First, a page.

Page last updated at 23:58 GMT, Tuesday, 13 January 2009

US businessman 'fakes own death'


A US businessman facing financial problems has apparently faked his own death by bailing out of his plane and letting it crash in a Florida swamp.

A rescue operation was launched when Marcus Schrenker made a distress call saying his plane's windscreen had imploded and he was bleeding.

Mr Schrenker, 38, is still missing, but thought to be alive and well.

His financial management companies are reportedly under investigation and he owes $500,000 to an insurance company.

Police think the financial adviser may have parachuted from the plane before it crashed.

Running for the woods

Mr Schrenker was the only person aboard the single engine Piper plane that took off for Florida on Sunday from Anderson, Indiana.

When the authorities received a distress call from the pilot as he flew over Alabama, a rescue operation was launched.

Two military planes were scrambled and they found Mr Schrenker's plane flying on autopilot, with its door open and no sign of the pilot.

The plane then crashed in a swampy area near Milton, Florida, close to several homes.

But investigators said the wreckage showed no signs of blood or a smashed windshield.

The sheriff's office in Santa Rosa County - where the plane crashed - said the pilot appeared to have intentionally abandoned his plane.

The office of Marcus Schrenker in McCordsville, Indiana
Marcus Schrenker's businesses have been under investigation

A man with Mr Schrenker's identification apparently checked into a hotel in Alabama after the crash, telling police he had been in a canoeing accident, before being seen running away into nearby woods.

It emerged on Tuesday that the Indiana Department of Insurance filed a complaint against Mr Schrenker last January on behalf of seven investors who claimed he cost them more than $250,000 (172,000) because he never told them they would face high fees to switch annuities.

A hearing in the case was scheduled for next week.

On Tuesday, prosecutors alleged that Mr Schrenker had been advising clients even though his license had expired on 31 December. A judge ordered him arrested on financial fraud charges.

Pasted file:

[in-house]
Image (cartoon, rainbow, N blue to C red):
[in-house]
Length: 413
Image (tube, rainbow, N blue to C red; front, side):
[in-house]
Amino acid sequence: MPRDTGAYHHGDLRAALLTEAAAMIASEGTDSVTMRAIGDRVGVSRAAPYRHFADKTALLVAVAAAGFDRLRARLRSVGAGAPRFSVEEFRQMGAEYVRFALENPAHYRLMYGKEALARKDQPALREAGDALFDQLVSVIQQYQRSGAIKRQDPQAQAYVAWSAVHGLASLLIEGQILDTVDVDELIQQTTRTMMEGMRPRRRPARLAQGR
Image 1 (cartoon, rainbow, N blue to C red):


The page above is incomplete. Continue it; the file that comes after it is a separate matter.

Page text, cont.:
Authorities in Indiana have been probing Mr Schrenker's financial management businesses - Heritage Wealth Management Inc, Heritage Insurance Services Inc and Icon Wealth Management - for possible securities violations, said Jim Gavin, spokesman for Indiana's secretary of state.

Judgement issued

Officers searched Mr Schrenker's home on 31 December looking for computers, notes, photographs and other documents related to those companies, said Mr Gavin.

On Friday, two days before the crash, a federal judge in Maryland issued a $533,500 (367,000) judgment against Heritage Wealth Management Inc, in favour of a life insurance company.

The lawsuit said there had been problems with insurance or annuity plans sold by Heritage Wealth Management.

The case took another turn on Tuesday when investigators said it looked like Mr Schrenker had stashed a red motorcycle in an Alabama storage unit before the crash, then retrieved it and fled.

"He could be anywhere at all," said Harpersville Police Chief David Latimer.

"Within 10 hours he could be in New Orleans, halfway to Houston, in Atlanta, anywhere. I believe he's out of the US.

"He jumped out an airplane and left it to crash who knows where. He has shown a total disregard for human life. I think he would do anything to get away."

Investigators believe Mr Schrenker's plan was to let the plane crash into the Gulf of Mexico, Mr Latimer said, but the plane ran out of fuel first.

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